Perhaps you might find it helpful to think of the distinction between Peter and Paul in something like these terms: Peter knows who Jesus is, and Paul knows what Jesus means. Bert in the Isles of Scilly knows that Harold Wilson bloke who owns the cottage next door for his holidays. He shares a beer in the pub, he chats while they walk their dogs, they share a pipe or two. Fred, on the other hand, was born after Harold Wilson stopped being Prime Minister, but has studied and knows everything about the history, politics, and sociology of Harold Wilson’s governments.

These two different ways of being an apostle, compromise and challenge, aren’t always going to sit comfortably together. We can probably recognise something of these two different ways of being in the people we know, and in ourselves, but we should resist labelling and boxing people too much, for there’s something of both these two ways running deeply in all of us.

Peter is a compromising sort of man and sometimes that’s right and sometimes it’s disastrous. Nobody tells us in advance, unfortunately, which situation we’re in at any given time. Paul, who is incapable of compromise and incapable – it sometimes seems – of seeing anyone else’s point of view except his own, is a necessary figure just as much as Peter. Both apostles push us out of what we feel comfortable with.

To be a true part of the church in The Spire, to encourage unity in the church in Farnham, we need compromise, but we also need the edge of challenge along with it.

The Little Sisters of the Poor were going from door to door in a French city, soliciting money for the poor. One nun called at the house of a rich free-thinker who said he would give 1000 francs if she would have a glass of champagne with him. The nun hesitated, but only for a moment. After all, 1000 francs meant many loaves of bread. A servant brought the bottle and poured, and the nun emptied the glass. And then she said, “and now, sir, another glass, please, at the same price.” She got it. Compromise can be very important.

In 1931, MGM were so keen to buy the film rights to Tarzan, written by Edgar Rice Burroughs, that they decided they would spend up to $100,000, an extraordinarily large sum in those days. MGM offered Burroughs $25,000, and he walked out of the meeting. However, they continued to negotiate, and Burroughs eventually settled for $40,000. After signing the contract, Burroughs admitted that he had wanted MGM to make the film so badly, they could have had it for nothing if they had insisted, and the MGM negotiator told Burroughs that they were so keen to get the rights that they would have gone up to $100,000! Compromise can be very important.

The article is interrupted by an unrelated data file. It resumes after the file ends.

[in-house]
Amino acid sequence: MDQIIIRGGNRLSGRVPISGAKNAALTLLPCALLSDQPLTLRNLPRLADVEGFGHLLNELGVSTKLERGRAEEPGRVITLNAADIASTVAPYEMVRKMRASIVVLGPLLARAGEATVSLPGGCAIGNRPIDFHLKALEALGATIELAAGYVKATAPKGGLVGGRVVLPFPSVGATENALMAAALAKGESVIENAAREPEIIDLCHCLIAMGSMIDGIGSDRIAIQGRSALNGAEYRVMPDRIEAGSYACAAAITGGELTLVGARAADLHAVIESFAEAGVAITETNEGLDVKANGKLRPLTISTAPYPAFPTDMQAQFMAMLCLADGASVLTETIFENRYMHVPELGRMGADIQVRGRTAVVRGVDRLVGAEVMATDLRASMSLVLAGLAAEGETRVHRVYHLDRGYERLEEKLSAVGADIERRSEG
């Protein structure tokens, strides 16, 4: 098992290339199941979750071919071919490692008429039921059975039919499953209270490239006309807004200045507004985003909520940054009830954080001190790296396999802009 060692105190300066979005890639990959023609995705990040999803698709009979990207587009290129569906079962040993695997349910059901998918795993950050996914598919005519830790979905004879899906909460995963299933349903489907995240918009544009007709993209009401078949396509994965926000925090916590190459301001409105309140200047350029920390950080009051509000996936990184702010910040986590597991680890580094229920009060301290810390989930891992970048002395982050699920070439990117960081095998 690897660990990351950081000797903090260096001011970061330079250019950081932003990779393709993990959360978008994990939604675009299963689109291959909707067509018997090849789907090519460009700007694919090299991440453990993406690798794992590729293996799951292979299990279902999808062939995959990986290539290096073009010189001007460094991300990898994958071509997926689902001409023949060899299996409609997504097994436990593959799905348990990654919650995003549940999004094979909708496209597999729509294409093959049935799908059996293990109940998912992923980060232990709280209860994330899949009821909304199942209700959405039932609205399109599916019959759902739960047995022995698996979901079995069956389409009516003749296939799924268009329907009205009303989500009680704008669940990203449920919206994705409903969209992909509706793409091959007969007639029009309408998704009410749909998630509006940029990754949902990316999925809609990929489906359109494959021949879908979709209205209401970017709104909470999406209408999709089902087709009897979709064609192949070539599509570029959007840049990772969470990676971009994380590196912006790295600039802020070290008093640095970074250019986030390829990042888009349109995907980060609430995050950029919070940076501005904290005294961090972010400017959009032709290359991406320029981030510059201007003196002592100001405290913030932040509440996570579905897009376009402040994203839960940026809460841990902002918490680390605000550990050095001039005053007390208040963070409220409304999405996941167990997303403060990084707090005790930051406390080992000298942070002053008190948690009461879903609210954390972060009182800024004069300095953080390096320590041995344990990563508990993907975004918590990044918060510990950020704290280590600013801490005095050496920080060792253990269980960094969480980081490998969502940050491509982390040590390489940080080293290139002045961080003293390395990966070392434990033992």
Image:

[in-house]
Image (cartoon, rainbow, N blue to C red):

Looking at something completely different, it is said that Walt Disney would occasionally present to the Board some unbelievable, extensive dream he was entertaining. Almost without exception, the members of his board would gulp, blink, and stare back at him in disbelief, resisting even the thought of such a thing. But unless every member resisted the idea, Disney usually didn’t pursue it. The challenge wasn’t big enough to merit his time and creative energy unless they were unanimously in disagreement!

We need both compromise and challenge within The Spire, and among all the Christians in Farnham. There’s a time and a place for both. Both are found within all of us, and the gift is knowing when to use which. We meet this in so many situations today and everyday, but in this Week of Prayer for Christian Unity, we know that that this church and every church are full of people who will think in very different ways from us, and they’ll make mistakes sometimes, just as we’ll make mistakes also. Other churches may be very different in worship and ethos from our tradition, but they all have an equal important a part to play in being God’s people.

So, I’m going to end with challenge and compromise. My challenge to you is an easy one. Over coffee after the service we are very good at talking to people we know. When you go to coffee, it’s obvious that most of the groups of people talking are all former Methodists or all former URC people. So, today’s challenge is that I challenge everyone to have a conversation over coffee with someone from the other church. And compromise, open your hearts to God, and gently, quietly, ask God where you, where we, could benefit from compromise.